Rúaidhrí O'Connor: 'If Ireland struggle against Russia, they may as well just pack up and go home'
There can be no more slip-ups for Ireland in Japan. If they struggle against Russia, then they might as well pack up and go home.
With Johnny Sexton at the wheel, the 1/1,000 favourites should negotiate their way through this fixture with relative ease.
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The Tier Two teams are playing their part at this World Cup with the United States pushing France closer than they'd like, but this match should not be a contest.
Russia are the lowest-ranked team at this tournament and, while Ireland have fallen to fourth, they should be far, far too good for these opponents.
You'll be aware by now that the conditions within the Kobe Misaki Stadium are less than ideal.
There were 30 handling errors when England beat the US and that went up to 35 on Monday night when Scotland beat Samoa there.
Ireland needed ice baths to bring their body temperatures down after yesterday's training session and the airless arena will be worse when it's packed with fans today.
So, the going will be tough for both teams and Ireland assistant coach Andy Farrell challenged his players to adopt a "no excuses mentality" when dealing with the environmental challenge. If Russia drop the ball, he wants a green jersey diving on top of it and he wants to see a response to Saturday's bitterly disappointing performance in defeat to Japan.
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"Because of the humidity in the stadium the ground sweats as well," he said. "So, the conditions are not what we're used to but we've played in the rain quite a bit as well. It's something we have to cope with, something we have to adapt to.
"We know the stats from the last two games that have been here... it's being able to adapt to that.
"How do we adapt? We make sure there's a no excuse mentality. There are going to be errors, we need to make sure that our defence shapes up pretty quickly to anything that is turned over."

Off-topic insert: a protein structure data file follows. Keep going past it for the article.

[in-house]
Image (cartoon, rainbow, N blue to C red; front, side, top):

Farrell referenced his own experience of coming back from pool defeat in 2007, as well as the France response to losing to Tonga in 2011 and South Africa's run to the semi-final four years ago as positive examples for Ireland to follow. Despite the Shizuoka defeat, there remains a confidence behind the scenes that this squad have enough to win a quarter-final even if that belief is not shared by the majority back home.
"They (defeats) are not ideal but if you use them to your advantage they can be powerful," he said. "After a couple of days of understanding the reasons why, we're in good spirits, back on track and ready to prove a point."
Whatever point they want to prove, Russia is not the place to do it.
The Bears have been game opponents against Japan and Samoa, but they lack the quality to get the scores on the board and their defence fades as the game goes on.
They have a familiar face in the moustachioed Vasily Atemyev at full-back, while tighthead prop Kirill Gotovtsev and openside flanker Tagir Gadzhiev have impressed.
The fact that both came to rugby late, having excelled at different sports, tells a tale of where rugby ranks in the Russian consciousness and how big a leap it is to taking on one of the best teams in the world.
That, despite the doom and gloom that surrounds Ireland right now, is what Schmidt's side are and they need to puff out their chests and play like it today.
The All Blacks showed yesterday how to approach these games and Ireland must have the same level of ruthlessness.
They have the players.
We haven't seen an all-Munster tight-five since 2009 when Marcus Horan, Jerry Flannery, John Hayes, Donncha O'Callaghan and Paul O'Connell and the modern version is charged with providing a platform for Luke McGrath and Johnny Sexton to play off.
Bundee Aki and Garry Ringrose provide a nice balance in midfield, while the back three of Andrew Conway, Keith Earls and Rob Kearney combine a try-scoring threat with a strong aerial game.
Ireland's back-row will have their hands full with their abrasive opponents, but Rhys Ruddock, Peter O'Mahony and Jordi Murphy are no shrinking violets and will relish the contest.
Schmidt will be smart about his tactics with a much-changed team and slippy conditions.
Expect Ireland to go to the air early and often, kicking to contest and looking to force errors. As Farrell said, it's all about capitalising.
When they arrived in Japan and particularly after they beat Scotland this looked like a nice easy couple of weeks before the real business got under way.
Saturday's loss has upped the ante and there is a need to secure five points from this game to stay in control of their own destiny.
That is surely a given. Ireland performed poorly and lost last week, but they have not fallen that far.
There is no redemption on offer today, only a chance to build momentum as Schmidt's side look to bounce back from a damaging defeat for the fourth time this calendar year.
Their next loss will probably be their last of 2019, but it won't come today.
Verdict: Ireland 57 Russia 7